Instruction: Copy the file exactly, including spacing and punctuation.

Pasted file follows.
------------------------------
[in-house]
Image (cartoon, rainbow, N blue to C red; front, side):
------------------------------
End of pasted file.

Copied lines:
[in-house]
Image (cartoon, rainbow, N blue to C red; front, side):